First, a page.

The volcanoes we will dig into today are all considered active volcanoes by scientists.

Oregon coasts along the edge of the Ring of Fire, which is a string of volcanoes that make up the most active volcanic area in the world. This state is home to lush nature and beautiful topography, mainly thanks to the volcanoes of the site, which rebuilt the land in the past.

The area is fantastic to explore with excellent hiking trails and abundant Oregon wildlife. Knowing that some of these volcanoes are considered to have a high threat activity level just makes it even more thrilling.

Mount Hood

Mount Hood reflecting in Lost Lake at sunrise
Mount Hood is a dormant stratovolcano that last erupted in the 1800’s.

Michal Balada/Shutterstock.com

First, we will explore the history and recent activity of Mount Hood. Of course, this volcano is located in Oregon, just like the rest will be. 

This volcano is considered a dormant volcano, with the last eruption occurring in the 1800’s. Dormant can still be active, though, mainly because it last erupted so recently. 

With a history of decimating the local area, one can only hope that this volcano doesn’t erupt anytime soon. It hasn’t shown any signs of it, but the debris and mudflows flung out by the volcano can cause real change in the landscape.

Mount Hood is a stratovolcano, which has grown over thousands of years and with multiple materials. Likely, it was different types of volcanoes before developing into what it is now.

If Mount Hood were to erupt, it could change everything about the state of Oregon. It is not considered a high threat currently. The main issue would be that it could spread dangerous materials such as ash and cause avalanches if it erupted.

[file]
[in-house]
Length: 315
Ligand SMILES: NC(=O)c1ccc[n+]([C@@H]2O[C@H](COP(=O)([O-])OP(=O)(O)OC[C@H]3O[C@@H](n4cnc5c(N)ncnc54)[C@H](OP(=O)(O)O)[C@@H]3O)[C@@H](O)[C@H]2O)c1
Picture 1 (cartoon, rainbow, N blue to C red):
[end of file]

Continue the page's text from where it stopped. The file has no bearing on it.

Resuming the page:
Some people actively live on Mount Hood, and it is known for being an incredible mountain to explore. An eruption could also affect rivers and nearby populations of people. It is the sixth most dangerous volcano, as stated in National Geographic.

Mount Jefferson

Mount Jefferson has developed over time into a complex volcano.

Peter K. Ziminski/Shutterstock.com

This volcano is considered an active volcano. Like Mount Hood, it is a stratovolcano. Mount Jefferson had many series of eruptions in its early era that contributed to its development into a more complex volcano.

Last erupting around a thousand years ago, Mount Jefferson still shows signs of being active even as it deals with natural decline. The second highest mountain in Oregon, it garners enough attention despite its lack of actual activity.

Lack of eruptions has caused this great giant to erode, but that doesn’t change that it was a once-powerful volcano that could grow stronger instantly. Tourists love exploring the rugged terrain, and Mount Jefferson can be seen all the way from the town of Salem on a nice, clear day.

The erosion that Mount Jefferson has endured means it is one of the most wasted volcanoes to be found in Oregon, having been broken down significantly. The history of this volcano is limited because there isn’t much that has been recorded until recent years.

Scientists do their best to learn more about it, but it’s challenging. We know that if Mount Jefferson were to erupt, it could cause major landslides that would reach far and destroy surrounding areas.

Three Sisters

Three Sisters Mountains in Oregon, United States
The three sisters are three volcanoes very close to one another with active lava flow.